1911 Encyclopædia Britannica/Palladio, Andrea

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PALLADIO, ANDREA (1518-1580), Italian architect, was born in Vicenza on the 30th of November 1518. The works of Vitruvius and Alberti were studied by him at an early period, and his student life was spent in Rome, where he was taken by his patron Count Trissino. In 1547 he returned to Vicenza where he designed a very large number of fine buildings—among the chief being the Palazzo della Ragione, with two storeys of open arcades of the Tuscan and Ionic orders, and the Barbarano, Porti and Chieregati palaces. Most of these buildings look better on paper than in reality, as they are mainly built of brick, covered with stucco, now in a very dilapidated conilition; but this does not affect the merit of their design, as Palladio intended them to have been executed in stone. Pope Paul III. sent for him to Rome to report upon the state of St Peter's. In Venice, too, Palladio built many stately churches and palaces, such as S. Giorgio Maggiore, the Capuchin church, and some large palaces on the Grand Canal. His last great work was the Teatro Olimpico at Vicenza, which was finished, though not altogether after the original design, by his pupil and fellow citizen Scamozzi.

In addition to his town buildings Palladio designed many country villas in various parts of northern Italy. The villa of Capra is perhaps the finest of these, and has frequently been imitated. Palladio was a great student of classical literature, and published in 1575 an edition of Caesar's Commentaries with notes. His I qualtro libri dell' architettura, first published at Venice in 1570, has passed into countless editions, and been translated into every European language. The original edition is a small folio, richly illustrated with well-executed full-page woodcuts of plans, elevations, and details of buildings chiefly either ancient Roman temples or else palaces designed and built by himself. Among many others, an edition with notes was published in England by Inigo Jones, most of whose works, and especially the palace of Whitehall, of which only the banqueting room remains, owed much to Palladio's inspiration. The style adopted and partially invented by Palladio expressed a kind of revolt against the extreme licence both of composition and ornament into which the architecture of his time had fallen. He was fascinated by the stateliness and proportion of the buildings of ancient Rome, and did not reflect that reproductions of these, however great their archaeological accuracy, could not but be lifeless and unsuited to the wants of the 16th century. Palladio's carefully measured drawings of ancient buildings are now of great value, as in many cases the buildings have altogether or in part ceased to exist.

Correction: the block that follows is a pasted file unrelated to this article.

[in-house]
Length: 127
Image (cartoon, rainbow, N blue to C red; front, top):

Authorities.—Montanari, Vita di Andrea Palladio (1749); Rigato, Osservazioni sopra Andrea Palladio (1811); Magrini, Memorie intorno la vita di Andrea Palladio (1845); Milizia, Menwrie degli architetti, ii. 35-54 (1781); Symonds, Renaissance in Italy—Fine Arts, pp. 94-99; Zanella, Vita di Andrea Palladio (Milan, 1880); Barichella, Vita di Andrea Palladio (Lonigo, 1880).